Sunday, 22 July 2012

Dirt Bikes

We are deep in the Rwanda dry season now, and so much has happened this week, that Dorota and I don't know where to begin. The big news is that 4 people from EDD are currently in London for a screening of "Yes, Man!" at Southbank Centre. They are – EDD owner Faraz Ramji, project manager Rafiki Calixte, re-integrated former EDD resident Willy Mutabazi and 10-year-old current EDD resident Didier. Luckily, their host and tireless behind-the-scenes EDD supporter Kate Scanlan has been keeping a journal of the entire trip on her blog.

The importance of this week's event is something I am having trouble accepting. I owe a huge thank you to Kate of Catalyst Rwanda for all the pushing and work she has done. Thanks to her, my film was shown at Southbank Centre and snippets of it were played on BBC World Service Sunday Morning and will also be shown on Skyy's Africa Channel. Not to mention I am in talks to have it acquired by a yet-to-be-mentioned television station. I am shy, and I'd rather keep my head down and toil away on Dorota's and my projects than partake in any kind of meet-and-greet. Without Kate out there pressing the flesh as it were, none of this would have happened. A 10-year-old from the streets of Kigali was flown to London! My friend Pervez, who is even more shy than me, had his interview in the film heard by millions on the BBC today!

All of this excites Dorota, Willy and I, not because it is some kind of glorious ending to our work, but because it is a springboard beginning for the film we are currently working on that exposes many more dark truths about the lives of street children. Here is a re-post of the film that has opened this door for us (feel free to share and re-re-post):

Before Willy left for this trip to London, the women from his mother's coop filled his suitcase with their baskets and jewelry in the hopes that he might be able to show them as samples to our (still not-to-be-named) connection in London for possible importing and sale on their UK-based website.

Well, not only were the samples well received, but Southbank broke their own rules and allowed Willy to sell the items at their event on Thursday (as shown in the below pic from Kate's blog). He raised over £200, which is an enormous sum for the women of the coop. Willy's mum could barely control her excitement when he was simply asked to go on this trip. Now that he is bringing home the bacon, I'm afraid it might be too much good news for her! As for friends, family and future newly-weds who need a gift from us, please head over to last week's post where I have updated the images with many more samples of the goods that the coop makes. Let us know your favorites (right-click and copy the links), because Willy's mum has agreed to do a special order for us!

The school term has ended for the boys at EDD, and for the most part they did very well this term. The most incredible story connected to this is that of Sam, who spent years as a child on the streets of Kigali. Here is a boy who lost his father and was spat on as a street pest. He found a way to believe in himself, and has risen above it all through his life at EDD. This term, he was first in his class, and it is important to note that EDD sends him to a good school where he competes against students with all the advantages of a strong family life. Way to go Sam! Sam also performs his freestyle song, "Hi, Hi, Hi, Good morning!" for the video at the end of the post.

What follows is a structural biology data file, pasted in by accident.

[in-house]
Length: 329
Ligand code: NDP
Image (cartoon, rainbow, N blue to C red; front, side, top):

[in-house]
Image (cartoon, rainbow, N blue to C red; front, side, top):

The boys are officially on holiday now, so spirits are high. Days are filled with ball games, relaxing around the newly-functional billiards table and there was even a feast of fish from the local fish pond. The smiles and good moods are enough to make you forget what happened right in this spot about 20 years ago.

Being that it is dry season now, the landscape has transformed. Areas that were lush and green only weeks ago, have now turned to rusty-orange dust. A haze of this dust hangs in the air all day, and by the time we get home at night we are coughing from inhaling countless lungfuls of the stuff. This has forced us and many of our friends here to fight off one common cold after another.

Whether it is true or not, one colleague explained the dust to me in a way that I will never forget. She told me that people always get sick from it at this time of year, because there is so much death in it. This forces us to remember that in this tiny country, about a million people were killed where they stood in the space of about 100 days. They still find bodies, and one was even found on the EDD grounds only a few years ago. With that in mind, here is a short video that combines a song by Beyondo about how fleeting and precious our lives are with footage of these incredible boys who know to drink up every day as though it is their last.


  1. Another great post, Bret. It's been amazing having Willy, Didier and Rafiki here in London. People have been knocked out by your film, the work of the centre, and how articulate and composed Willy is! Good meetings too about how we can support the future of the centre. Be great to meet up with you when you're back and get your thoughts. Nicola x

  2. Art. Just pure art. Excited to see and feel what you're doing, B&D